In tonight’s live production of Jesus Christ Superstar on NBC John Legend, Sara Bareilles and Alice Cooper were terrible. And I bet you thought they were great. You are wrong. They were not. Any performer with musical theater experience will tell you the same. Any veteran theater enthusiast who’s actually seen quality productions will tell you the same. And that’s my problem: Too many people seem unable to discern quality. When did we all become such dolts?
Ben Daniels (Pilot), Brandon Victor Dixon (Judas), every “minor” role, and even the chorus, all were stellar, all came with Broadway experience, and were in an entirely different league from the three headliners.
Bareilles and Legend, no doubt, have beautiful, sophisticated vocal instruments. But let’s be blunt. Neither of them can act. Except for a few weeks as the replacement lead in her Musical Waitress, Bareilles’ musical theater experience is the same as Legend’s: Exactly zero.
Bareilles’ performance of “I Don’t Know How To Love Him” was flawless vocally, but wasn’t even close to the emotional depth called for. Legend was consistent. Every scene showed he was simply without the skill or experience to pull off more than a high school level performance (apologies to high schoolers). Even worse, the role requires a true rock tenor. That’s not Legend. God bless him, he tried. In fact, he was trying so hard I was worried half-way through that his voice might not make it to the end.
As for Alice Cooper as Herod, sure, it was good campy fun. But have you ever seen the song performed by a pro? It’s a singular piece that can (and should) be a tour de force. Done correctly, the opening lines of Herod’s Song pierce an audience. Cooper didn’t even bother to sing the great first verse. He spoke it! Unforgivable! He never got past the camp. I don’t care how much fun you think you had. It sucked.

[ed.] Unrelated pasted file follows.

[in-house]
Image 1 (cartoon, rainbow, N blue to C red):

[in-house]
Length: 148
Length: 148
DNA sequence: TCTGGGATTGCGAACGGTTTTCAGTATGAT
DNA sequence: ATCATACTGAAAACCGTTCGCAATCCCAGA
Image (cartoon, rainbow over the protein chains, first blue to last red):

Which brings me back to my main point: People don’t seem to know the difference between good and bad anymore. My social media feed was filled with praise for these three ill-prepared flops. I’m not blaming Bareilles, Legend, and Cooper. They were offered the gig, accepted, and did their best. I’m not even blaming NBC. For them it’s just economics – gotta have the names for top billing to get eyeballs. I don’t like it, but that’s a fight for another time.
A trained/experienced actor recognizes lousy acting just like a trained/experience singer or dancer recognizes lousy singing and dancing, just like a trained/experienced plumber or carpenter recognizes an amateur job, and so on. I’ll bet you care about the people who work on your car, fix your furnace, do your taxes. You want them to do it right. You want quality work. Why then, are we so forgiving of terrible artists?
I understand friends and parents “supporting” the kids in the school play or their neighbor in the local community theater. But this is different. This is not “support.” This is not knowing the difference between good and bad.
One might say at this point: “I enjoyed it and that’s all that matters! Why are you being such a killjoy? Just relax!” I had some of those comments in my feed. Call me crazy, but I think it does matter. It matters in the long run that we – and by “we” I mean a great number of us in society – can’t tell the difference between quality and crap, between real and fake.
The problem of the quality/crap/real/fake confusion spreads quickly beyond community theaters and reality TV voice competition shows and into other areas of life. Before you know it, the sellers use our lack of sophistication to sell us on other bad or fake products and services, and then bad or fake ideas that lead to bad or fake policies with real and devastating consequences.
So, here’s how you can do your part to save the world. Admit that Bareilles, Legend, and Cooper sucked tonight. Then go out and get some good old fashioned learning and experience so the next time you make a judgement on quality, whether it’s a TV singer or a presidential debate, you’ll be better at it.
Charles Bursell has been heard nationally on SiriusXM, National Public Radio, and The Pacifica Radio Network. He currently hosts the podcast Charles Bursell Presents.